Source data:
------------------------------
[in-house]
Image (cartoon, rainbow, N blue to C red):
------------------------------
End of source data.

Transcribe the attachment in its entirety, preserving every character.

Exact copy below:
[in-house]
Image (cartoon, rainbow, N blue to C red):